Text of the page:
The Soviet attempt to halt the Ger­mans at the “Stalin Defense Line” on the old Russian border with the Baltic states w’as a complete failure. On the other hand, the task of Luftflotte 1 to block the Soviet retreat—and thus create the conditions for surrounding the troops of the Soviet Northwestern Front-failed. 1 Even if large amounts of Soviet materiel ■; were destroyed during these missions, the
main bulk of the Northwestern Front managed to escape to “old Russia” through a rapid retreat.

At this point, Panzergruppe 4 advanced swiftly toward Leningrad. General-Mayor Novikov had no other option but to sacrifice his savagely beaten air units in renewed attacks for the third day running, this time against the Velikaya bridges at Ostrov. According to German sources, seventy-three Soviet bombers were dis­patched, few of which would return. JG 54 had another field day on July 6, claiming fifty-seven victories against five losses. By bringing down three, Oberleutnant Hans – Ekkehard Bob of 9./JG 54 increased his total score to twenty-nine.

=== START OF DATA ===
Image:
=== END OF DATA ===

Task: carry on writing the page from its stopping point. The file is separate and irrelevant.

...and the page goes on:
Leutnant Max-Hellmuth Ostermann of 7./JG 54 achieved his nineteenth and twentieth kills, but he also witnessed how two of his fellow pilots were shot down in a row. Three 1-16 pilots led by Starshiy Leytenant Aleksey Storozhakov of 154 1AP claimed an extraordi­nary success during what might have been the same com­bat in which 7./JG 54 lost Leutnant Helmut Biederbick and Unteroffizier Theodor Steinwendtner. Covering a formation of SBs against nine intercepting Bf 109s, the three 1-16s claimed three German fighters shot down without losses.